Cost, bleeding cited as major reasons for not taking newer anticoagulant as prescribed
Direct-acting oral anticoagulants such as apixaban are the most widely used medications of this type in people with atrial fibrillation, yet 26% to 45% of people fail to properly adhere to them.
The researchers interviewed 42 UCLA and UCSF adults with atrial fibrillation who had been prescribed apixaban between August 2019 and July 2020 but had reported nonadherence to the medication. Of those people, 83% stopped, skipped or decreased dosing and 17% percent never took the medication.
People with atrial fibrillation, or irregular heartbeat, who were prescribed the direct-acting oral anticoagulant apixaban cited six reasons for failing to adhere to their prescriptions:
- Cost - some felt that the out-of-pocket cost was too high, physicians were not helpful in addressing their cost concerns, or physician-provided coupons did not work
- Bleeding - some people worried about major or minor bleeding, including during activities such as hiking or construction work
- Lack of Symptoms – some believed that they did not need to take the medication if they did not experience symptoms or the symptoms were periodic, with some believing their stroke risk was small.
- Safe to skip doses – some believed the medication was still effective when they reduced doses from twice daily to once, and others believed that their physician gave tacit approval to occasional nonadherence when told to stop taking the medication a few days before surgery or if they experienced excess bleeding.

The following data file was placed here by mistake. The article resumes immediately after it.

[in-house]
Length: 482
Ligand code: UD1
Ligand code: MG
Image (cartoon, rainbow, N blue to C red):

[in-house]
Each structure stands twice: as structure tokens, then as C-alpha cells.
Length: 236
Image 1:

- Confusion about effects - some believed that the medication was intended to reduce atrial fibrillation symptoms and were puzzled when they continued experiencing them, or felt few effects from it and wanted measurable lab results.
- Incomplete or discordant communication – some did not tell their physician about their nonadherence, or said they were not asked about it, and others were confused by differing physician opinions.
The findings are useful in devising strategies to increase adherence to the medication.
Dr. Derjung Tarn and Kevin Shih of UCLA, and Dr. Janice Schwartz of UCSF.
The peer-reviewed Journal of the American Geriatrics Society published this study.
Bristol-Myers Squibb and Pfizer funded this study.